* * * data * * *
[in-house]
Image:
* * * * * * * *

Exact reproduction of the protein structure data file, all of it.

[in-house]
Image: